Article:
The number of prospective homebuyers rose again in the final week of May and is now higher than it was a year ago.
An index tracking the weekly volume of mortgage applications to buy homes increased 5 percent last week, seasonally adjusted, and was 18 percent above its level during the same period in 2019 on an unadjusted basis.
It also marked the seventh week running that the Mortgage Bankers Association metric jumped, though in prior weeks the increases were larger on a percentage basis. The third week of May saw a 9 percent gain, while the week prior saw a 6 percent rise.
Joel Kan, MBA’s executive at the helm of industry forecasting, cautioned that the upward trajectory of MBA’s purchase index may not continue much longer.
“There are still many households affected by the widespread job loss and current economic downturn,” he said in a statement. “High unemployment and low housing supply may restrain a more meaningful rebound in purchase applications in the coming months.”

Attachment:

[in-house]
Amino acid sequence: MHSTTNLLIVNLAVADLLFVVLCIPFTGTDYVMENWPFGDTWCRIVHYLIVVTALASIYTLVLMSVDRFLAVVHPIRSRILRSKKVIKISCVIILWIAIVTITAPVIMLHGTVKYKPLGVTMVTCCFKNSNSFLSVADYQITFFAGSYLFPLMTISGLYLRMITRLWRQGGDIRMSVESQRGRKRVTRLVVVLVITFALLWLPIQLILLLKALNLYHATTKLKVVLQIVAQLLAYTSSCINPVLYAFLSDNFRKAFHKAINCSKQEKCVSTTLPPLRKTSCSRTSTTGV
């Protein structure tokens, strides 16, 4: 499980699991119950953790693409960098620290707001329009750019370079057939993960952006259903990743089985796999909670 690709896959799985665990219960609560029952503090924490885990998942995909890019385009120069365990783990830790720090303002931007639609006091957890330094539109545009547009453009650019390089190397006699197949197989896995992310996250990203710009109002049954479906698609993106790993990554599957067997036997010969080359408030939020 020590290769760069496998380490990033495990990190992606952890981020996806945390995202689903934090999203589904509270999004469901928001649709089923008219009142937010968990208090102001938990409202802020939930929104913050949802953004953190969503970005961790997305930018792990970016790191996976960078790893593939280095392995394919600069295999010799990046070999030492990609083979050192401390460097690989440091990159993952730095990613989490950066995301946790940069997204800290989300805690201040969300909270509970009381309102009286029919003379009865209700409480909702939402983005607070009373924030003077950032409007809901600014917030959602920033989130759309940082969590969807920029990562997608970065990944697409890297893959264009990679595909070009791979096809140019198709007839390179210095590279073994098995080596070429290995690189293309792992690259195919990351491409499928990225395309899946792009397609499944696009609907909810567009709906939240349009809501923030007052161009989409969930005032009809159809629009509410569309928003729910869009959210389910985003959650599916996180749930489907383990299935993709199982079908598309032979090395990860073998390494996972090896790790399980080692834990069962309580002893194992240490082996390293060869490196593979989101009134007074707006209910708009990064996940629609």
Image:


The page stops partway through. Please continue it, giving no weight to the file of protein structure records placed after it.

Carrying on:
The MBA index that tracks refinancing activity continued its downward trend for a seventh week. The adjusted refinance metric dropped 9 percent in the last week of May.
Refinancing now accounts for just under 60 percent of the total applications that MBA tracks in its survey.
Refinance activity was 63 percent of total applications the previous week after peaking at 76 percent earlier this year. The index is still up 137 percent compared to the same week a year ago, however.
Last week, the 30-year fixed-rate mortgage rate for conforming loans of $510,400 or less was 3.37 percent, an all-time low for MBA’s weekly survey, which accounts for 75 percent of the U.S. residential mortgage and dates back to 1990. That was a drop of 5 basis points from the prior week’s rate of 3.42.
Jumbo rates also dropped 5 basis points, to 3.66 percent.
Write to Erin Hudson at [email protected]
Clarification: The calculation of an 18 percent increase year-over-year in applications to buy homes was based on the MBA’s unadjusted purchase index.